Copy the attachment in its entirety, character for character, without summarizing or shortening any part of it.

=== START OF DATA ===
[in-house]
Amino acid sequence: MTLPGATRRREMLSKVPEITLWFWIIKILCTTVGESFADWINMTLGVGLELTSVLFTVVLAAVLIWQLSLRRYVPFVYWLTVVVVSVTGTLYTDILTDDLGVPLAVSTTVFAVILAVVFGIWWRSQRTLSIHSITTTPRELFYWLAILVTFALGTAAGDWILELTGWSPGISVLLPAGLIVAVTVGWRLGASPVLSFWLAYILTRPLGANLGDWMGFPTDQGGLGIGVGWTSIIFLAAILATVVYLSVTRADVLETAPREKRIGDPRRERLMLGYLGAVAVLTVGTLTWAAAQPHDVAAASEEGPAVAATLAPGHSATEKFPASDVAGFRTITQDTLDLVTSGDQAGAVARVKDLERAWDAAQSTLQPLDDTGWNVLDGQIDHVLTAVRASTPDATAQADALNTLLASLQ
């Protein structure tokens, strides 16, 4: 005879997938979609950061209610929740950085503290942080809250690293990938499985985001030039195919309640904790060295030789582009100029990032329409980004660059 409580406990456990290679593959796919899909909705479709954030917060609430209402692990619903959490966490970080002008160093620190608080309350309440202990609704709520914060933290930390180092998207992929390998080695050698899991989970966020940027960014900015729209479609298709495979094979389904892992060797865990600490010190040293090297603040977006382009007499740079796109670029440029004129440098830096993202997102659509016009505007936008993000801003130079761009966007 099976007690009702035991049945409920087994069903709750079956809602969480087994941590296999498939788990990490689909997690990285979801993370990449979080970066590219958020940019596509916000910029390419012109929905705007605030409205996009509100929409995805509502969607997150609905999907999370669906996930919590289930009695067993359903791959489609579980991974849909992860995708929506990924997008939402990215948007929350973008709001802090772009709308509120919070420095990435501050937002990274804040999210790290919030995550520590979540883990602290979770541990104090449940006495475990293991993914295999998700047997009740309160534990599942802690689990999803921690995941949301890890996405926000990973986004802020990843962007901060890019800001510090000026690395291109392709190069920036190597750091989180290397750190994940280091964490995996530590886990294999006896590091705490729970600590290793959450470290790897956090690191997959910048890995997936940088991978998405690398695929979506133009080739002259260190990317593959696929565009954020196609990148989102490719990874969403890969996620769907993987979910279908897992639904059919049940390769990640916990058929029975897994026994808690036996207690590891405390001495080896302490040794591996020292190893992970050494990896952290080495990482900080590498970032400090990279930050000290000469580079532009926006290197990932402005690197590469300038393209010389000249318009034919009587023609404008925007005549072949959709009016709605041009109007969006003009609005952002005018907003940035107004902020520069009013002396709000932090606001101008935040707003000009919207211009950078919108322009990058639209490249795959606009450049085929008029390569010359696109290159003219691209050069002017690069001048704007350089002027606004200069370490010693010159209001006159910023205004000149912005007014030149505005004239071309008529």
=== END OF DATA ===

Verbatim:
[in-house]
Amino acid sequence: MTLPGATRRREMLSKVPEITLWFWIIKILCTTVGESFADWINMTLGVGLELTSVLFTVVLAAVLIWQLSLRRYVPFVYWLTVVVVSVTGTLYTDILTDDLGVPLAVSTTVFAVILAVVFGIWWRSQRTLSIHSITTTPRELFYWLAILVTFALGTAAGDWILELTGWSPGISVLLPAGLIVAVTVGWRLGASPVLSFWLAYILTRPLGANLGDWMGFPTDQGGLGIGVGWTSIIFLAAILATVVYLSVTRADVLETAPREKRIGDPRRERLMLGYLGAVAVLTVGTLTWAAAQPHDVAAASEEGPAVAATLAPGHSATEKFPASDVAGFRTITQDTLDLVTSGDQAGAVARVKDLERAWDAAQSTLQPLDDTGWNVLDGQIDHVLTAVRASTPDATAQADALNTLLASLQ
């Protein structure tokens, strides 16, 4: 005879997938979609950061209610929740950085503290942080809250690293990938499985985001030039195919309640904790060295030789582009100029990032329409980004660059 409580406990456990290679593959796919899909909705479709954030917060609430209402692990619903959490966490970080002008160093620190608080309350309440202990609704709520914060933290930390180092998207992929390998080695050698899991989970966020940027960014900015729209479609298709495979094979389904892992060797865990600490010190040293090297603040977006382009007499740079796109670029440029004129440098830096993202997102659509016009505007936008993000801003130079761009966007 099976007690009702035991049945409920087994069903709750079956809602969480087994941590296999498939788990990490689909997690990285979801993370990449979080970066590219958020940019596509916000910029390419012109929905705007605030409205996009509100929409995805509502969607997150609905999907999370669906996930919590289930009695067993359903791959489609579980991974849909992860995708929506990924997008939402990215948007929350973008709001802090772009709308509120919070420095990435501050937002990274804040999210790290919030995550520590979540883990602290979770541990104090449940006495475990293991993914295999998700047997009740309160534990599942802690689990999803921690995941949301890890996405926000990973986004802020990843962007901060890019800001510090000026690395291109392709190069920036190597750091989180290397750190994940280091964490995996530590886990294999006896590091705490729970600590290793959450470290790897956090690191997959910048890995997936940088991978998405690398695929979506133009080739002259260190990317593959696929565009954020196609990148989102490719990874969403890969996620769907993987979910279908897992639904059919049940390769990640916990058929029975897994026994808690036996207690590891405390001495080896302490040794591996020292190893992970050494990896952290080495990482900080590498970032400090990279930050000290000469580079532009926006290197990932402005690197590469300038393209010389000249318009034919009587023609404008925007005549072949959709009016709605041009109007969006003009609005952002005018907003940035107004902020520069009013002396709000932090606001101008935040707003000009919207211009950078919108322009990058639209490249795959606009450049085929008029390569010359696109290159003219691209050069002017690069001048704007350089002027606004200069370490010693010159209001006159910023205004000149912005007014030149505005004239071309008529």